Teaching Through a Pandemic: When Is It Too Much?
May 9, 2022
Another fight. Another form to complete. Another meeting to attend. Another safety procedure. Another drill. Another insurance cost increase. Another night of no sleep because of stress.
Teaching since the COVID-19 shutdown, with the unbalance between pay and workload, has caused teachers to rethink their career choice. Whether or not it’s time to retire or find another profession, multiple studies confirm one in four teachers want out.
“A person who enters teaching knows they aren’t doing it for economic success,” Mr. John Davis, physics teacher, said. “But teachers also care about their students’ emotional and psychological health, and it’s stressful to us to see students having to deal with concerns and dangers we didn’t even have as recently as a few years ago.”
Mr. Davis started his teaching career 21 years ago and the job requirements gradually changed to include more difficult aspects.
“There are more non-teaching things that teachers are responsible for now outside of their lessons and taking care of student needs, for better or worse,” Mr. Davis said. “Students and teachers both struggle with attention-span issues, the psychological damage that social media causes and the stress caused by societal issues and divisions in our society.”
Pedro Ortega became a teacher because he wanted to coach and travel during the summer. He believes that technology changed his teaching career.
“It is hard to connect and impact students because of smartphones and headphones,” Mr. Ortega said. “A lot of students are addicted to their screens. They constantly have to be entertained.”
Mr. Ortega considered switching careers in an effort to earn more. He’s made various investments hoping to get away from teaching. Throughout and after the pandemic, his students became less motivated and harder to instruct.
“As a teacher, I really don’t have the leverage to get students to do work,” Mr. Ortega said. “We have to compete for the attention of students, and it is a losing battle. I feel what I teach today is a lot less rigorous because of students’ lack of attention and concentration.”
Some of the changes benefit students and teachers. When Ms. Donna Kercher began teaching biology 23 years ago, classes weren’t as student-led.
“When I started teaching it was more teacher-centered, with lectures and worksheets,” Ms. Kercher said. “Now it is more student-led discussions and groups.”
Ms. Kercher loves biology and interacting with students and teaching conveniently combined her passions. A few years ago, she told a student he had passed his EOC and he started crying.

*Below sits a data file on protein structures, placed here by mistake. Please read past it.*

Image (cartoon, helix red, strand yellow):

“When I asked him what was wrong, he said ‘I’ve never passed anything before.’ That broke my heart, yet melted it at the same time,” Ms. Kercher said. “I was so happy for him. I gave him the biggest hug and have never forgotten that moment.”
Those relationships with students motivate teachers. Mr. Howard Ritz started teaching 25 years ago and could’ve retired five years ago.
“The reason I haven’t is because of watching the growth in students over four years, watching them become successful and building lifelong relationships,” Mr. Ritz said. “I still keep in touch with students.”
As a student, Mr. Ritz got in trouble for talking, but he turned it into his career. Mr. Ritz sees students come in quietly and grow their self-confidence during their time in his communication class. That growth keeps him motivated to stay in the profession.
“I’m not here to make money. I’m here to make a difference,” Mr. Ritz said. “At the end of the day, I’m looking forward to the next day.”
Ms. Madison Carrier began teaching in August 2019 and left the profession in October of this year because of her struggles with work and life balance.
“It is a really tough and time-consuming job, and you really don’t get to see it for yourself until you start doing it,” Ms. Carrier said. “I always heard that it gets easier every year, but with the ever-changing pandemic, it just did not feel like there was an end in sight for the excessive hours I was putting in to do a great job at teaching.”
Ms. Carrier now works as a revenue cycle analyst for a healthcare organization. However, she continues to care for her students and plans to attend her former students’ future games and events.
“I loved being there and supporting my students in whatever they needed, and for that reason, it was near impossible to step away from teaching,” Ms. Carrier said. “However, I am really glad I did because now I feel like I have a good balance between my work and my life outside of work.
During a time when 25% of teachers considered other professions, Mr. Davis said teachers who commit to helping students reach success are essential. This year, two teachers have left Legacy for other jobs mid-school year while four teachers retired at the end of last year.
“I think it’s important to have good teachers today because there are fewer and fewer people out there that will be your personal cheerleader in life,” Mr. Davis said. “People who will be proud of every one of your accomplishments as if you were their own son or daughter, and will always give you encouragement without any expectation for anything in return.”